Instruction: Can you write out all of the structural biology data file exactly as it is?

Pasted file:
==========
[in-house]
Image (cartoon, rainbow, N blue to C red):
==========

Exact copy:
[in-house]
Image (cartoon, rainbow, N blue to C red):